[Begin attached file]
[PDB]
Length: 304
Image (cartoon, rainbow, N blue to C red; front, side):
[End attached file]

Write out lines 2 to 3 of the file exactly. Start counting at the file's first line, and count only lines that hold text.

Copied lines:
Length: 304
Image (cartoon, rainbow, N blue to C red; front, side):